Mass tourism has transformed Florence into a “prostitute,” the director of one of the city’s major museums said Monday, sparking indignation from politicians, including the Italian Minister of Culture. “Once a city prostitutes itself, it is difficult for it to become virgin again,” Cecilie Hollberg, director of the Accademia Gallery which houses Michelangelo's statue of David, told reporters on the sidelines of the an event.
“Florence is very beautiful and I would like it to return to its citizens and not be crushed by tourism,” added the German historian, deploring the streets colonized by souvenir shops. But “it is already too late”, she added, according to the daily La Repubblica, warning that if we did not put a brake on the number, she saw “no more hope”.
The Academy Gallery later released a statement in which Ms. Hollberg apologized “for using inappropriate words” about a city she loves. “What I wanted to say is that Florence must be the witness, for all of Italy, of an increasingly sustainable tourism and not of mass tourism,” she said.
But Culture Minister Gennaro Sangiuliano said his comments were “serious and offensive” for Florence and the whole of Italy, and threatened action, saying he would “evaluate all appropriate measures » within the framework of current legislation.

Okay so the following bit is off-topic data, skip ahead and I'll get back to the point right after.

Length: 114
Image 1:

Prime Minister Giorgia Meloni's nationalist government has been accused of seeking to promote more Italians to top cultural positions, as well as more people sympathetic to its right-wing views. Last year, ministers approved a change that requires opera conductors to leave their posts when they reach the age of 70, a move widely seen as a way to keep some foreigners out of office.
Florence Deputy Mayor Alessia Bettini also opposed Cecilie Hollberg by stating that if the city were a prostitute, “would Florentines be the children of a prostitute and tourists the clients of a prostitute?” . Former Prime Minister Matteo Renzi, a senator from Florence, said Mr Hollberg “should apologize or resign”.
Other officials in Italy have expressed concern about the impact of overtourism, particularly in cities like Florence - where the historic center is crowded for much of the year - and Venice. After UNESCO warned of the risk of losing its precious world heritage status, Venice announced last year its intention to test a ticketing system to try to control the number of visitors, starting from month of April.